He soon left The Paragons to pursue a solo career and he put out several classics, including A Love I Can Feel and Strange Things. He also dabbled with disco and strings, but later moved on to dancehall. And it was with Henry “Junjo” Lawes he scored one of his biggest hits – Police in Helicopter, taken from the album with the same name.
John Holt continued to tour and perform almost up until the time of his death and he will be greatly missed.
Three years ago UK singer Alpheus dropped the critically acclaimed rocksteady and ska-tinged album From Creation, and in an interview with United Reggae he said that he would from now on only record in the same vein. No more roots or one drop. Just the sweet and smooth sounds of early Jamaica.
He has kept this promise and together with Spanish producer Roberto Sánchez he has again recorded a sublime 14 track set that consists of striking relicks and fresh originals. And just as From Creation Good Prevails sounds authentic and vintage, almost as the album was recorded in the mid to late 60s.
Alpheus’ singing is warm and comforting and the live recorded riddims are heartfelt and soulful, spiced with plenty of bright horns and moody organ and guitar licks.
This album is impressive to say the least. So skip the poorly sounding rocksteady reissues and go for this meticulously constructed and well-produced set. This is the sound of real reggae music.
UK-based singer Alpheus teamed up with renowned Spanish producer Roberto Sánchez about four years ago and in 2011 the acclaimed album From Creation was released. It was a step in a new and different direction for both Alpheus and Roberto Sánchez.
From Creation was not the usual European one drop or hard Channel One roots reggae. It was something completely different – soulful rocksteady and swinging ska.
Now this duo has a new album – Good Prevails. It collects 14 tracks, of which two are melodica instrumentals. It also offers a mix of fresh originals and re-vitalized versions of riddims created by Coxsone Dodd, Phil Pratt and Winston Riley.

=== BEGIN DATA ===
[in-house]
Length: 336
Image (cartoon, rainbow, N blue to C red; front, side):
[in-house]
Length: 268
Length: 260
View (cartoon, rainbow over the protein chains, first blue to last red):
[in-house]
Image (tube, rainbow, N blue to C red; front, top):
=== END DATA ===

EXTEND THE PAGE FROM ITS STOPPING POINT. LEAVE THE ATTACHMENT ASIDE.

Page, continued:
Good Prevails hits the streets on LP and CD on April 28. If you can’t wait to hear how it sounds, check Our Strength taken from the album.
The latest Studio One compilation on one of the world’s premier reissue labels – Soul Jazz Records – is all about pure quality and as usual with these compilations an an all-star selection of artists is featured – Ken Boothe, Marcia Griffiths, John Holt, Dennis Brown and more. Sure, a number of these lovely tunes have been reissued plenty of times before, for example The Eternals’ Stars, The Heptones’ Party Time and The Gaylads’ Joy in the Morning.
The title – Studio One Rocksteady – doesn’t tell the whole truth though. It surely includes lots of rocksteady, but also early reggae, like Alton Ellis’ Hurting Me, Jackie Mittoo’s Our Thing and Duke Morgan’s Lick it Back.
The sounds are gorgeous, bouncy and optimistic, but also moody and melancholic as in Cecile Campbell’s Whisper to Me and Ken Boothe’s When I Fall in Love.
Studio One may not have been a rival to Duke Reid’s Tresure Isle when it comes to putting out beautiful rocksteady, but Coxsone Dodd had two aces up his sleeve – master organist Jackie Mittoo and bass virtuoso Leroy Sibbles. Together this trio created countless of classics, and several of these are collected on this essential album, an album with excellent sleevenotes by Lloyd Bradley, author of the classic book Bass Culture – When Reggae Was King.
On his fifth album Love Situation Tarrus Riley and his fellow producers Dean Fraser, Shane C. Brown, Mitchum Khan Chin and Jordan McClure take a stroll down memory lane to Duke Reid’s Treasure Isle studio.
Love Situation is a throwback to Jamaica in the 60s, a time when rocksteady and early reggae ruled the airwaves and U Roy, The Uniques and Ken Boothe dominated the charts.
The set mixes samples from the past with new instrumentation. Melodically and rhythmically it’s contemporary vintage, modern old-school or current classic. Just listen to Tarrus Riley’s version of The Gaylads’ excellent ABC Rocksteady titled 1, 2, 3 I Love You. This track also sets the theme for the full album. It’s mostly about relations and affairs of the heart.
It has the same timeless quality and feel as some of the best cuts coming from Duke Reid, Bunny Lee or Coxsone Dodd in their heydays.
Great riddims and strong vocals courtesy of Tarrus Riley’s warm tenor voice along with his invited fellow singers U Roy, Konshens, Big Youth, Mr Cheeks and Wippa Demus make Love Situation a tasty effort.
And with its 17 tracks Love Situation is certainly a long-player. But it still leaves me wanting more of the slick and polished intergenerational vibes that that this project has to offer.